updated: 7/2/2012 7:17:30 AM
The chief executive officer of the Ports of Indiana says clean energy projects have "had a positive impact on Indiana's ports." Rich Cooper says a decrease in new construction during the recession led to fewer steel shipments. He says the ports had to "aggressively pursue new types of business," leading to an increase in shipments of cargo such as windmill components and ethanol.
Originally posted June 25, 2012
A new study shows business activities at Indiana's three ports contributed $6.38 billion to the state economy in 2011 and supported 51,577 jobs. The annual economic impact and job creation totals both increased by 18 percent since 2009.
"As the global economy struggles to emerge from a deep recession, U.S. ports play key roles helping businesses improve their connectivity to supply chains and customers, and also lower transportation costs," said Rich Cooper, CEO for the Ports of Indiana. "Indiana's three ports handle a diverse mix of cargoes for many different industries - steel-making, manufacturing, construction, windpower, agriculture, alternative fuels and electric utilities. Businesses here and abroad depend on our ports' road, water and rail connections to receive raw materials and get finished products to customers. Despite recent economic uncertainties, the economic impact of our ports has continued to grow at an impressive rate, reaching an all-time high in 2011."
The recent study was conducted by Martin Associates - one of the foremost maritime economic consulting firms in the country - as part of a multi-year project started in 2009. The first study was peer-reviewed by economics professors from Indiana University, University of Notre Dame and Purdue University and it showed 2009 business activities at Indiana's ports generated 43,744 jobs and $5.42 billion in economic impact. As part of the 2011 update, Martin Associates used the same model to allow for comparisons of economic changes in the past two years. Increases in employment, capital investment and shipping volumes at all three of Indiana's public ports were key factors in the economic growth.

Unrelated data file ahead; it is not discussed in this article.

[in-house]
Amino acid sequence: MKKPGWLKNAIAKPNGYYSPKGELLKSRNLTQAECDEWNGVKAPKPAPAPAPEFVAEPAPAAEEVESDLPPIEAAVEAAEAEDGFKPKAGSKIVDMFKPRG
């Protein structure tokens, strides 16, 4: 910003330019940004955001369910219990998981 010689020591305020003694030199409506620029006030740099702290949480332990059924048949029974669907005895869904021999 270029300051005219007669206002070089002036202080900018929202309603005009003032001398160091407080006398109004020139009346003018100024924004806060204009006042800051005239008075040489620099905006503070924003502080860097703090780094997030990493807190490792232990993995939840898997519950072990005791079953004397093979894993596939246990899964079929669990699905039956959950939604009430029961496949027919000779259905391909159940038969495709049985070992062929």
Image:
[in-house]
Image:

The Port of Indiana-Burns Harbor handled a 56 percent increase in ship tonnage and 75 percent increase in barge tonnage in 2011 compared to 2009, with significant increases in shipments of almost all major cargoes. There was also more than $23 million in capital expenditures invested into port infrastructure and facility expansions.
The Port of Indiana-Jeffersonville handled a 4 percent increase in barge shipments and a 70 percent increase in railcar traffic over the same period, with significant increases in steel, fertilizer and road salt shipments. Since 2009, direct employment increased by 20 percent and more than $30 million was invested into infrastructure and port company facilities.
The Port of Indiana-Mount Vernon handled a 3 percent increase in shipments by all modes between 2009 and 2011, but experienced a slight decline in some maritime cargoes, primarily coal, as a result of mild winter conditions. Direct employment increased by 11 percent and over $50 million was invested in port businesses as three facilities opened between 2009 and 2011.
Overall, the Ports of Indiana handled an 8 percent increase in maritime shipments between 2009 and 2011, and recorded more than $100 million of investments into port facilities. Employment increases related to port operations also generated a significant increase in personal income (up 20 percent to $2.9 billion annually) as well as state and local taxes (up 21 percent to $271 million annually).
"Our mission is to develop and maintain a world-class port system that operates as an agile, strategically-driven, self-funded enterprise dedicated to growing Indiana's economy," Cooper said. "These numbers validate how our ports help grow Indiana's economy, but this success would not be possible without the world-class business partners at our ports, support from our local communities and statewide economic policies that ensure Indiana has one of the best business climates in the country."
Source: Ports of Indiana